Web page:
This article was written by Sally Crosswell

Sally Crosswell has a Bachelor of Laws (Hons), a Bachelor of Communication and a Master of International and Community Development. She also completed a Graduate Diploma of Legal Practice at the College of Law. A former journalist, Sally has a keen interest in human rights law.

Immunisation Of Children In Parenting Matters


Vaccination in childhood has greatly reduced the incidence of infectious disease and death from diseases such as whooping cough, polio, measles and mumps. In disputes over child immunisation between separated parents, generally the result will be immunisation of the child according to national standards unless there is clear medical evidence this is not in the child’s best interests.

Legal basis for decisions

Part VII of the Family Law Act 1975 is relevant to immunisation disputes. An immunisation decision falls under the ambit of “parental responsibility” and is considered a “major long-term issue”. The paramount consideration is what is in the best interests of the child.

If a parenting order for shared parental responsibility is in effect, a decision to vaccinate a child requires consultation between the parents, and the parents would need to make a genuine effort to come to a decision.

If there is no parenting order, each parent has parental responsibility and has no legal obligation to consult the other about immunisation.

Evidence

Vaccinations are administered to more than 90% of Australian children, and an overwhelming majority of medical practitioners support immunisation. Hence, courts usually dispose of evidence that does not support traditional mainstream medicine, which is backed universally by rigorous science.

Cases

Case law shows objections to immunisations tend to be for three main reasons: opposition to all forms of immunisation due to various beliefs, concerns about adverse reactions, or a preference for homeopathic alternatives.

Most cases result in immunisation of children, via the courts making orders that the pro-immunisation parent has sole parental responsibility for all major long-term issues, for all medical matters or immunisation only; or that one parent arrange a child’s vaccination.

Kingsford & Kingsford [2012]

The parties were negotiating a parenting order before the court and an order had not yet been made. The court stated the mother had chosen (widely discredited) homeopathic immunisation for the child, which the father had not opposed. The court noted that that the father had: “authorised his [new] wife to take the child to receive traditional vaccinations without the consent of her mother. The father’s position was that he had hoped to continue to secretively vaccinate the child throughout her childhood and had hoped her mother would never find out. The father said that he had believed that the mother would become very upset if she discovered that the child had been traditionally immunised and so he had decided that it would be non-productive for the mother to be told.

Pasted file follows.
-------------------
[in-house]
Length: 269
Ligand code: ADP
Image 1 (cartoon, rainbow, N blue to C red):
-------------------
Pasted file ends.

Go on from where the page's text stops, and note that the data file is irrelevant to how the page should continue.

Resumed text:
The court disapproved of the father’s actions but ordered the child should continue to be vaccinated in accordance with a schedule of catch-up vaccines.

Howell & Howell [2012]

A father was strongly opposed to vaccination because it was “contrary to all his strongly held beliefs including his acceptance of Religion T, vegetarianism and acceptance of traditional Chinese medicines and distrust of modern medicine”. The child had received homeopathic vaccination before the parents separated, though neither party supplied medical evidence about immunisation. The court found it was in the child’s best interest for the mother to have sole parental responsibility in relation to the child’s health. It made no specific order for vaccination but pointed out the decision to vaccinate the child now rested with the mother who had recently  changed her position to support conventional medicine.

Landis & Landis [2013]

A father who opposed vaccination on safety grounds was awarded sole parental responsibility for the child. However, the court ruled it was in the child’s best interests for them to be vaccinated, and entrusted the mother with the task of organising this.

Duke-Randall & Randall [2014]

The father stated that “during the marriage he had agreed with the mother’s anti-vaccination view for the sake of peace in the household”. After separation, he became more determined to vaccinate the children when his children were refused enrolment in holiday activities, when their school asked that he complete a conscientious objection form (and he was not a conscientious objector), and due to the health risks of overseas travel for his children without vaccination.

Arranzio & Moss [2015]

A mother had a “conscientious objection to vaccination on the basis of her research and her comparison of risk”. She relied on affidavit evidence of a doctor whose specialisation was not stated, and her own observations of health issues encountered by her cat after it was vaccinated.  The father relied on the evidence of a consultant physician in allergic diseases who specialised in allergy and immunology. The physician roundly rejected evidence from the mother’s doctor, describing his assertions as “bunkum” and “nonsense”. The court showed a preference for medically accepted evidence and found immunisation to be in the child’s best interest.

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